Thursday, March 10, 2011

Giving as an Art Form

by Miki Kashtan

Yesterday I visited a magical place where a small miracle has been happening every Wednesday for over 14 years: One family hosts a drop-in meditation group that is unlike any other I remember.

Anyone can come, as information about this group is publicly available on the web at I imagine different people will find different aspects of the evening magical. For me it was the purity and expansiveness of giving that I saw, and most especially around the feeding which took place after the meditation and the circle of sharing that followed it. But I am getting ahead of myself here.

The circle of sharing last night started with a reading from Rabindranath Tagore, Freedom Manifests in Action. Before the circle started someone calculated that with the number of people in the room we would each have 49 seconds. From then on until well past half the circle time I was fully aware of the irony of un-freedom I was living in: I was so preoccupied with the thought that some people were taking much longer than 49 seconds to speak, and so worried about people not getting a chance to be included, that I was not able to be fully present to myself or the circle. Here’s where miracle #1 happened for me: the circle ended exactly at the time designated, and the microphone circulated around the entire room. Somehow this served as metaphor for me of sufficiency. I breathed in deeply, realizing I was learning something significant.

Meanwhile I was wondering how the food was going to work out. This was, after all, just one family’s living room with a family-size counter. Slowly the system, which I imagine was honed through years of trial and error, revealed itself to me. A few volunteers served the food into plates that were then placed on the counter, and one person after another came, took a ready-made plate, and sat down to eat at small folding tables, close to the ground, in silence. The experience of having food be given to me rather than putting it in my plate was exquisite.

Miracle #2 happened in response to my wondering about portion sizes, which I thought were small. I was prepared to leave without eating enough food, because I was so touched and grateful already. And then the extent of the giving became apparent. One after another people came to my little table as well as all the others, and without any words offered more food. Each was carrying a bowl with an abundance of one food item, and simply dished it out to any of us that signaled we wanted more. There was more than enough, and I left in the end with a very satisfied stomach.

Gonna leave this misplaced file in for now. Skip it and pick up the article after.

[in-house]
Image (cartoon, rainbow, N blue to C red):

This was not all. Awash with gratitude I sought the woman who did all the cooking, who has been doing it for 14 years, having fed tens of thousands of people. I expressed my gratitude and awe at the level of giving. Without ever stopping her attention to the food and the serving, she said very strongly that she receives so much from the giving. Whereupon I had an instant insight I shared with her: only giving that feels like receiving can be sustained over time. She smiled in recognition. We went on talking, and another insight landed on me. This was a model of a different way of allocating resources. First give a basic amount to everyone. Then share the abundance beyond the initial subsistence level with everyone who is still in need. And anyone who had truly had enough will have no issue with someone else getting more. This was miracle #3: a simple and profound understanding that is enriching and deepening my own understanding of and appreciation for the many possibilities that a gift-economy provides.

And the miracles continued. CharityFocus, the gift-economy incubator that Nipun Mehta, son of the family that so humbly and generously hosts these evenings, operates many projects on a completely volunteer basis, without staff or offices. I got to see and participate in a small way in one of their projects. Smile cards are regularly shipped all over the world to support people engaging in acts of kindness and inspiring others to do the same. Every Wednesday whoever is there and willing participates in shipping such cards to places all around the world. I saw a project in the forming, when a scientist showed simple science kits he is creating to distribute, free of charge, to middle school children who don’t usually have opportunities to learn science well. After I left many more conversations, serendipitous ideas, sharing, and simply humans engaging with each other continued into the night.

I want to keep learning from the complete and utter sincerity of unconditional giving I see and experience every time I am in contact with anyone associated with Charity Focus. I know that doing giving with such grace, attention to detail, and intentionality is one of the doorways into a possible future for all of us.

1 comment:

  1. I so enjoy your posts and they accompany me in my own inner journey. This reflection really feeds my own thoughts about giving and receiving. Helps me open my heart to what I had perceived in me as "resistance in receiving". Now I can creatively look at it and see that when giving with no intention of receiving "money", or giving with no boundaries, I actually receive much more than I think: gratitude, connexion, I meet my need for contribution and I participate in creating a culture of giving in my community.
    The insight you bring helps me look at my issues about receiving in a different light: finding balance and learning to also holding my need for sustainability.
    With much gratitude, Mitsiko